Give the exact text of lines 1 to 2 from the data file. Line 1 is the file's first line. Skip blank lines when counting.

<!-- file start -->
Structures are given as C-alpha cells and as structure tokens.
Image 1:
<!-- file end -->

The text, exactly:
Structures are given as C-alpha cells and as structure tokens.
Image 1: